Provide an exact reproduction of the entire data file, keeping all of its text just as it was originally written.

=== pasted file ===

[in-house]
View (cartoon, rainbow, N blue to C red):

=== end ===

[in-house]
View (cartoon, rainbow, N blue to C red):